Published on October 23rd, 2014 | by Gavin


Introducing Cointreau Noir

Cointreau is the unheralded hero of the cocktail world.  Many of your favourite classics including the Margarita, Sidecar, and Mai Tai would be nothing without the world’s most popular orange liqueur.  The family owned brand has been in production since 1875 when Edouard Cointreau came up with a recipe that they have remained true to ever since, and rarely have they made variations to this tried and tested formula.  Therefore when I was invited to the launch of Cointreau’s brand new product, Cointreau Noir, at classy Mayfair establishment Mr Fogg’s, I sat up and took note.

The small group of press in attendance were honoured to have Alfred Cointreau, Heritage Manager and 6th generation Cointreau family member, host the evening, which shows just how important this launch is to the brand.  Being a bit of a spirit nerd I arrived earlier than everyone else and I was asked if I’d like to grab Alfred for a one to one tasting session- a nearly cried man tears of joy.

Alfred Cointreau

Alfred Cointreau

Sitting in an intimate booth in the corner, the beaming Alfred welcomes me as if I were a long lost relative of the Cointreau family (which could actually be the case given the amount of triple sec based cocktails I consume on a weekly basis).  He begins by giving a brief history of Cointreau from its distillery which remains in Angers, North West France; to the farms in Spain, Africa, and South America where they source the oranges.   An interesting story which showed just how important tradition still is to the family, a rarity in today’s fast paced society.

We soon move on to the new product and Alfred explains that Cointreau Noir is a blend of Cointreau and Remy Martin cognac, based on a 1902 recipe (aka Cointreau Majestic) which the master distiller has remixed for a modern audience.  It is made up of 70% Cointreau and 30% cognac so doesn’t stray too far from home, but there is also a hint of almond and walnut to add balance.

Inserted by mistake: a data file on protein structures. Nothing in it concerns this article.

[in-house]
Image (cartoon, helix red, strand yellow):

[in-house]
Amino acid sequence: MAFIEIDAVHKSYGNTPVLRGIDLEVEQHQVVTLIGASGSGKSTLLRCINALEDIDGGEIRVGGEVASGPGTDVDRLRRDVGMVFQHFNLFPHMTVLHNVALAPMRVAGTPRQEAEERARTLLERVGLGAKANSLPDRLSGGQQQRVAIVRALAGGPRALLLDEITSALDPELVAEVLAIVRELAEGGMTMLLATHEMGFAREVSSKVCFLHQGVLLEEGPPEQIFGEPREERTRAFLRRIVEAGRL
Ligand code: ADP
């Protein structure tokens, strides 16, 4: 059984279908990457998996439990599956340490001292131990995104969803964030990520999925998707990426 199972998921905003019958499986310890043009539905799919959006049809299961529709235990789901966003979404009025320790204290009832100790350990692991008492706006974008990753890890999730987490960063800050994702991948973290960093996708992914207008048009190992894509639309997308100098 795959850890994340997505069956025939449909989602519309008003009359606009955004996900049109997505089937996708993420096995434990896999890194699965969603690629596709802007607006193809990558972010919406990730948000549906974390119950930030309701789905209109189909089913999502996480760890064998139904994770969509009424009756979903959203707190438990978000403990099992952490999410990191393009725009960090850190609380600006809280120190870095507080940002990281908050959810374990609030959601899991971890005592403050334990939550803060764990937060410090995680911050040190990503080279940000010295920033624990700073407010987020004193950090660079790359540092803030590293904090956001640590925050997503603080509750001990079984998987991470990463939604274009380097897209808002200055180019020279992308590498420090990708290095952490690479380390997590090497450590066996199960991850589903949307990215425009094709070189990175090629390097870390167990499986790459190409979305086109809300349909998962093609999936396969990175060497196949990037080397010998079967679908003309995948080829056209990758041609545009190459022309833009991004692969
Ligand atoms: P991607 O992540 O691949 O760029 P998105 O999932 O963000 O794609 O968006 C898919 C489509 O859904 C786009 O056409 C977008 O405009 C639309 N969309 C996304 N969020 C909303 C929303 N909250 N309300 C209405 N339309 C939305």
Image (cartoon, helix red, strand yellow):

Now enough of all that patter, what you really want to know is how does it taste, right?  Well it’s unmistakably Cointreau with the signature sweet orange flavour evident from initial sip to finish, but the cognac makes the liqueur much more potable on its own, or my preferred option, is with a cube of ice.  It’s so easy to sip that I have to double check that it is indeed 40% ABV.  Cognac fans may not be so keen on how sweet it is in comparison to their favourite VSOP, but even the most stubborn would be hard pressed not to love the cappuccino lookalike Cointreau Noir cocktail on the menu at Mr Fogg’s.

Mr Foggs Cointreau Noir

Having learnt as much as I could from Alfred, (whom seems far too young at 28 years old to have the wealth of experience and knowledge of the industry by the way), I’m in awe of Noir.  Alfred finishes my one to one by explaining that he envisages it in years to come to be on supermarket shelves and bar backs selling just as well as original Cointreau.  Having tried for myself, it’s hard to disagree.

Cointreau Noir will be hitting bars over the next few weeks in time for Christmas; a great gift idea for any fan of brandy liqueurs.


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About the Author

Born and raised in Croydon, South London, Gavin is a lover of cocktails, a passionate foodie, and a self-proclaimed ‘dancing god’. A (relatively) normal guy that decided to start blogging about his experiences around the city he loves.

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